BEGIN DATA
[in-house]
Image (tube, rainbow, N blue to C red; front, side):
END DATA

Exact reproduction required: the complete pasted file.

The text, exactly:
[in-house]
Image (tube, rainbow, N blue to C red; front, side):